How and Why You Should Eat Lobster for Thanksgiving
Lobster for Thanksgiving sounds outlandish, but it might be just as historically appropriate as turkey.
We know little for sure about the first Thanksgiving, save what we can gather from a letter by Plymouth Colony leader Edward Winslow dated 1621. Winslow describes a feast of fowl snared by the colonists and venison caught by the local Native American tribe. He goes on to write that the bay is full of lobsters, eels and mussels, leading culinary historians to believe that the first Thanksgiving would have included not only duck, goose, venison and wild turkey—but also an array of shellfish.
With Maine’s near record-breaking lobster season coming to a close, 2015 is the perfect year to start a new tradition. While the pilgrims would have probably just boiled the lobsters, we have a few ideas that are more worthy of the holiday. Here, six excellent Thanksgiving lobster recipes:
1. Pumpkin Soup with Creole Lobster
This pumpkin soup is topped with lobster bathed in a spicy butter. The natural brininess of the lobster helps bring out all the deep, earthy flavor in the soup.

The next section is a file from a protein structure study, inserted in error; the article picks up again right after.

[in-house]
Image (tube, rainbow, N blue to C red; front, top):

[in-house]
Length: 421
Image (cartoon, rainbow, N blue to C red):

2. Steamed Lobsters with Seared Wild Mushrooms
Garlicky mushrooms are delicious with sweet lobster.
3. Roasted Lobsters with Verjus and Tarragon
Verjus, a cooking liquid pressed from unripe grapes, is a staple of classic French cooking; chefs love it today for its pleasant tang, which is much milder than vinegar. It’s used two ways here: to help baste the lobster as it roasts and to brighten a vinaigrette served over the sweet meat.
4. Lobster with Nutmeg Vinaigrette and Chestnut Puree
The seasonal flavors of nutmeg and chestnut are delicious with simple steamed lobster served in its shell.
6. Lobster and Sweet Corn Soup
This silky soup includes big chunks of tender steamed lobster meat.